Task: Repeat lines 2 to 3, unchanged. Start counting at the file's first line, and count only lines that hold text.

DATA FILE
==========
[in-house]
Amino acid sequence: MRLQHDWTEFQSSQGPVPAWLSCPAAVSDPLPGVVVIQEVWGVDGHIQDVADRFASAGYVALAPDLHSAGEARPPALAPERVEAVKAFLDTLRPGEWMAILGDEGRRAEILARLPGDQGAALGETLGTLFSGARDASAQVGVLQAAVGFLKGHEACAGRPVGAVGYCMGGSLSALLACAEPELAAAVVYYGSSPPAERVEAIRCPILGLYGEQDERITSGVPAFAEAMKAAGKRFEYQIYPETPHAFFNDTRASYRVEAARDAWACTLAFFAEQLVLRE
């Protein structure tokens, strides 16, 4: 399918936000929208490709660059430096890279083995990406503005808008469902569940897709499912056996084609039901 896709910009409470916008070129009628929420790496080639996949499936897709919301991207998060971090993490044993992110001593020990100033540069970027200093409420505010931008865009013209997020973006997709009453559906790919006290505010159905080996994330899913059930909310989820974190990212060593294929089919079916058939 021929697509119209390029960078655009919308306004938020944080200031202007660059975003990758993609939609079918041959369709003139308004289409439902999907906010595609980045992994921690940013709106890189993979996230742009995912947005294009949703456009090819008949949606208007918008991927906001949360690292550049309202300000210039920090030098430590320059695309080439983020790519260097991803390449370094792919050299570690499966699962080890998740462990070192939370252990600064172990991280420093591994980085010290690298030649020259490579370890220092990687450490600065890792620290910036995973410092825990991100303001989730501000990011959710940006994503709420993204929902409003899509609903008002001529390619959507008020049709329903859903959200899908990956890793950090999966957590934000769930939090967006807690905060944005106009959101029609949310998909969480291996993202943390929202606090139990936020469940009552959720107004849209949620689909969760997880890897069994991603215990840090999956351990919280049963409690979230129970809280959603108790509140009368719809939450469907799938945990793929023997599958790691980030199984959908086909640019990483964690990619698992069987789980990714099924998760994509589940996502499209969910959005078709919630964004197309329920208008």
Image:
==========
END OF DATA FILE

Amino acid sequence: MRLQHDWTEFQSSQGPVPAWLSCPAAVSDPLPGVVVIQEVWGVDGHIQDVADRFASAGYVALAPDLHSAGEARPPALAPERVEAVKAFLDTLRPGEWMAILGDEGRRAEILARLPGDQGAALGETLGTLFSGARDASAQVGVLQAAVGFLKGHEACAGRPVGAVGYCMGGSLSALLACAEPELAAAVVYYGSSPPAERVEAIRCPILGLYGEQDERITSGVPAFAEAMKAAGKRFEYQIYPETPHAFFNDTRASYRVEAARDAWACTLAFFAEQLVLRE
């Protein structure tokens, strides 16, 4: 399918936000929208490709660059430096890279083995990406503005808008469902569940897709499912056996084609039901 896709910009409470916008070129009628929420790496080639996949499936897709919301991207998060971090993490044993992110001593020990100033540069970027200093409420505010931008865009013209997020973006997709009453559906790919006290505010159905080996994330899913059930909310989820974190990212060593294929089919079916058939 021929697509119209390029960078655009919308306004938020944080200031202007660059975003990758993609939609079918041959369709003139308004289409439902999907906010595609980045992994921690940013709106890189993979996230742009995912947005294009949703456009090819008949949606208007918008991927906001949360690292550049309202300000210039920090030098430590320059695309080439983020790519260097991803390449370094792919050299570690499966699962080890998740462990070192939370252990600064172990991280420093591994980085010290690298030649020259490579370890220092990687450490600065890792620290910036995973410092825990991100303001989730501000990011959710940006994503709420993204929902409003899509609903008002001529390619959507008020049709329903859903959200899908990956890793950090999966957590934000769930939090967006807690905060944005106009959101029609949310998909969480291996993202943390929202606090139990936020469940009552959720107004849209949620689909969760997880890897069994991603215990840090999956351990919280049963409690979230129970809280959603108790509140009368719809939450469907799938945990793929023997599958790691980030199984959908086909640019990483964690990619698992069987789980990714099924998760994509589940996502499209969910959005078709919630964004197309329920208008």